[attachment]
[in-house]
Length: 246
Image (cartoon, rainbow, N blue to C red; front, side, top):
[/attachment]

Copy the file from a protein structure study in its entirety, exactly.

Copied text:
[in-house]
Length: 246
Image (cartoon, rainbow, N blue to C red; front, side, top):